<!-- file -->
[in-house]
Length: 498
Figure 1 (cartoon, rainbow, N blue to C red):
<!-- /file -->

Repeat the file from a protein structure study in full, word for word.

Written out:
[in-house]
Length: 498
Figure 1 (cartoon, rainbow, N blue to C red):